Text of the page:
As we move into the post-COVID era, many cities wonder if their costly office towers will ever be full again. Perhaps they are asking the wrong question, as the humble street curb is becoming the hub of commerce around the world.
Curbivore, a recent conference in Los Angeles discussed the amazing transformation of the curb in cities around the world. The conference was co-founded by ride-share and delivery expert Harry Campbell, aka The Rideshare Guide.
Curbivore participants included Eric Garcetti, Mayor of Los Angeles, leading companies like Uber, Uber Eats and Alto, startups like instant delivery app JOKR, which recently raised $260 million, academic experts and business leaders, and a big gaggle of delivery robots.
The premise of Curbivore is that in cities around the world, a battle is being waged for use of the curb lane. Will it just be metered parking for cars, or will it remain as reimagined during COVID, as a place for outside dining, food, grocery and pick-up of ‘vice’ products like alcohol, cannabis and nicotine?
Curbivore defined itself as “not just the act of eating or drinking on the street or sidewalk, but a reflection that curb space is limited, and cities and businesses must work together to equitably share these prized pieces of real estate.”
The stakes, for cities like Los Angeles and many other destinations, are real.
LA Mayor Garretti (awaiting confirmation as Ambassador to India) welcomed attendees after what he called “the worst two years of our lives,” the COVID pandemic. Some 120,000 restaurants shut down in the US in 2021, according to conference participants. For others, use of the curb was critical to their pandemic survival. Garcetti noted that 80% of LA restaurants said they who’ve shut down if not for online delivery or the 1700 outdoor dining permits that were issued.
According to the conference participants, a lot of confusing but exciting developments are taking place at the curb, in this new era of takeout ordering and informal outdoor dining. These include pop-up kitchens and cloud kitchens, dark kitchens, and e-bike, scooter and robot delivery over the ‘last mile.’ Then there are even delivery drones.
Robot delivery companies like Coco, often working with giants like Uber Eats, had a jamboree at the show. Different designs from Coco, Serve Robotics, Kwikbot and more showed off skater-like grace scooting around the lot. Several bots are already in action on the streets of Hollywood and in Westwood around UCLA. While the robots have the issues you’d expect, like the problem ED-209 from Robocop had with stairs, advocates insist they can work in environments like a college campus or an airports and cut down on delivery costs.
As organizers put it, “Commerce has moved to the curb, and the new normal relies on delivery and pickup, and on retrofitting curbs, sidewalks, and dis-used real estate into civic spaces that work to serve everyone.”
This evolution is already making a difference for travelers around the US and the world. Word-class destinations like Barcelona and Paris have long been known for curbside dining. US cities like New York and Los Angeles, not so much. It was particularly striking in LA, where the Mediterranean climate makes outdoor dining possible more than 300 days a year.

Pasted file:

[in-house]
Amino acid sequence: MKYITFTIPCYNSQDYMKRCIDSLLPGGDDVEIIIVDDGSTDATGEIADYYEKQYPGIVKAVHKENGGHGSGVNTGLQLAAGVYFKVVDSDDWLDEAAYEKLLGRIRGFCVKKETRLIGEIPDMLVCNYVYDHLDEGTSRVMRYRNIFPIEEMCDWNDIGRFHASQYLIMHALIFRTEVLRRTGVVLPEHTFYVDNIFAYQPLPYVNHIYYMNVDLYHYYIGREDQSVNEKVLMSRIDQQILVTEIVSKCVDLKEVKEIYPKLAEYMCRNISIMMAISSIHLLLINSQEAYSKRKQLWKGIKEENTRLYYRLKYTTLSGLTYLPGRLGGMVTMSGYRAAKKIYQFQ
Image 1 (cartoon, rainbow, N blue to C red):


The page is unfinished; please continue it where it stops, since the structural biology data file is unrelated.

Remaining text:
Driven by COVID (no inside dining was allowed for many months in Los Angeles), then by customer demand, restaurants and bars have claimed that curb, sidewalk or parking lot space for al fresco dining. Meanwhile, these and other businesses survived via through curb-based delivery apps for food, booze and other necessities.
Curbivore explored the changing curb and the city around it. The show also showed how to reimagine the conference and trade show model while COVID-19 is still an issue.
The conference, which attracted over 500 attendees and exhibitors, was held on the asphalt of a temporarily repurposed parking lot. Speaker panels were held in a large tent open on all sides. Exhibitors met prospects at open tables under canopies. Vehicles of all kinds, from food trucks and delivery e-bikes, drones and robots, were on display the parking lot.
Organizers had asked, “Join us in sunny LA for an all-outdoors event on March 4th” It was chilly and rainy, but the outdoor format was still well-executed and reassuring in a city just coming out of restrictive COVID regulations. Panelists spoke to the crowd of 500 under the tent, revival style.
As one urban planning expert, Professor Donald Shoup of UCLA put it, “There’s an obscene amount of asphalt and the city makes it hard to use for anything else.” Meanwhile, “Parking hasn’t changed since 1935, when the parking meter was invented.”
Still, entrepreneurs and visionaries have figured out ways to reuse that asphalt, from a night market in Miami to the popular Cicalevia bike and walk event that take over parts of Los Angeles.
Such innovation is key to survival. Canter’s Deli on Fairfax’s has long drawn tourists from around the world to enjoy its thick corn beef and pastrami sandwiches, its sassy waitresses and late-night hours. But Alex Canter, a 4th generation operator, says, “Not many restaurants are 90 years old. My family has always taken this “adapt or die” mentality.”
In 2013, Alex began experimenting at Canter’s by adding fourteen online ordering services. Online orders flooded in, and revenue grew 30%, but managing all the services was unsustainable. Canter and his team created Ordermark to enable Canter’s and other restaurants to reach their full online ordering potential.
“We have gluten free products and avocado toast, which a Jewish deli should never have,” said Canter. “We even have a presence on TikTok. It’s so important to go out and get the customer wherever they are, not sit around and wait.”
As City Council Member Alex Fisch of Culver City put it, “Cities are magic.” And imaginative use of a city’s curbs will help keep that magic going.